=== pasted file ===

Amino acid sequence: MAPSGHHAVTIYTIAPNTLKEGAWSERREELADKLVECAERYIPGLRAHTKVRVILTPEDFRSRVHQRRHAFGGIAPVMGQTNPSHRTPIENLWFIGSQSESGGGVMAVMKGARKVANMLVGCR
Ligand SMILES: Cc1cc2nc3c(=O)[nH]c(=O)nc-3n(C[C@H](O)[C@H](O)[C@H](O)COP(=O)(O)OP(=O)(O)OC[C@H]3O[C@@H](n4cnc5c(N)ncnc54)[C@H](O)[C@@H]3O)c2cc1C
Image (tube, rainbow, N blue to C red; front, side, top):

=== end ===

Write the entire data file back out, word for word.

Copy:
Amino acid sequence: MAPSGHHAVTIYTIAPNTLKEGAWSERREELADKLVECAERYIPGLRAHTKVRVILTPEDFRSRVHQRRHAFGGIAPVMGQTNPSHRTPIENLWFIGSQSESGGGVMAVMKGARKVANMLVGCR
Ligand SMILES: Cc1cc2nc3c(=O)[nH]c(=O)nc-3n(C[C@H](O)[C@H](O)[C@H](O)COP(=O)(O)OP(=O)(O)OC[C@H]3O[C@@H](n4cnc5c(N)ncnc54)[C@H](O)[C@@H]3O)c2cc1C
Image (tube, rainbow, N blue to C red; front, side, top):